David Taw, 65, a top leader of the Karen National Union (KNU), passed away in Rangoon yesterday after several months of illness, according to family members.
Eh Kaw Taw, one of the sons of the former KNU justice department head, told The Irrawaddy on Monday that his father died at around 11 pm on Sunday night.
He said that his father had been suffering from lung disease and diabetes for three months and had been hospitalized several times in the northern Thai city of Chiang Mai for treatment.
David Taw’s body will be brought to Thai-Burmese border and buried in an area of southern Karen State controlled by Karen National Liberation Army (KNLA) Brigade 7, Eh Kaw Taw added.
The date of his funeral has not yet been decided.
David Taw was regarded as a pragmatic politician who was not afraid to publicly highlight the weaknesses of the KNU. Though widely respected, he was also disliked by some other members of the KNU leadership for his outspokenness.
On Oct. 2, he and two other influential KNU leaders—Gen Mutu Say Poe and Roger Khin—from the KNU’s central committee were dismissed from the group for allegedly violating its protocols after they opened a new liaison office in Pa-an, capital of Karen State, without informing the central committee.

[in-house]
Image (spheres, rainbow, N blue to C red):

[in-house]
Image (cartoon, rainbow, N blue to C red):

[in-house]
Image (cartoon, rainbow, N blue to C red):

Eh Kaw Taw said that despite their disagreements and ideological differences, his father and the other KNU leaders all had the same goal—namely, the liberation of the Karen people.
“He loved the Karen people and shared [the KNU's] desire for peace and the freedom of the Karen people,” said Eh Kaw Taw.
Born on March 10, 1948, in Rangoon’s Insein Township, David Taw was a graduate of Rangoon University, where he majored in history.
In an interview with The Irrawaddy in 2008, he spoke critically of the KNU leadership and said that its military wing, the KNLA, has only 3,000 soldiers, despite its claims to having 10,000 fighters.
David Taw was active in advocating peace and development in Karen State. He is survived by his wife, two sons and two of his three daughters.